Do whatever it takes to quit smoking if you’ve had a TIA. Smoking damages the blood vessels in the brain.

But not only that, it also causes conditions that are independent risk factors for transient ischemic attack.

Risk Factors for TIA that Smoking Causes

• Heart disease
• Poor circulation

“Smoking causes blood vessels to constrict, so if you have a cardiovascular condition where good blood flow is needed, anything that reduces that flow will likely cause a problem over time,” explains Susan L. Besser, MD, with Mercy Medical Center, Baltimore, and Diplomate American Board of Obesity Medicine and board certified by the American Board of Family Medicine.

Dr. Besser adds, “Additionally, smoking also increases blood pressure –another risk factor.”

How long do you have to have quit smoking before this actually begins lowering your risk of another TIA?

• After 20 minutes your blood pressure lowers.

• After two weeks circulation improves.

• After five to 15 years your TIA risk equals that of a nonsmoker.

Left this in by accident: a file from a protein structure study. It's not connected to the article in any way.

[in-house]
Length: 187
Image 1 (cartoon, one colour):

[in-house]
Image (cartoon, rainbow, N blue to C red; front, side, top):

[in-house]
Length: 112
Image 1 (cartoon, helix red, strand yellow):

• After 15 years your heart disease risk equals that of a nonsmoker.

Now you may be thinking, Geez, that’s a long time to wait, five to 15 years!

However, here are more immediate effects of quitting smoking, and though not related to a transient ischemic attack, these effects should motivate you to quit once and for all:

• After eight hours, the carbon monoxide in your blood returns to normal.

• After 24 hours, heart attack risk decreases and you’re less short of breath.

• After three days, more energy and better looking skin.

• After two weeks lung function improves.

So while you’re waiting five to 15 years for TIA (and stroke) risk to equal that of a nonsmoker, you’ll be getting all the other benefits of kicking this expensive, stinky habit.

And keep in mind that the five to 15 year mark is when TIA and stroke risk EQUAL the nonsmoker’s.

But almost immediately after quitting, your risk for another transient ischemic attack will start going down.

For help quitting your smoking habit, go here:

Dr. Besser provides comprehensive family care, treating common and acute primary conditions like diabetes and hypertension. Her ongoing approach allows her the opportunity to provide accurate and critical diagnoses of more complex conditions and disorders.
Lorra Garrick has been covering medical, fitness and cybersecurity topics for many years, having written thousands of articles for print magazines and websites, including as a ghostwriter. She’s also a former ACE-certified personal trainer.  



Top image: Shutterstock/Bogdan Vija
Source: transient ischemic attack smoking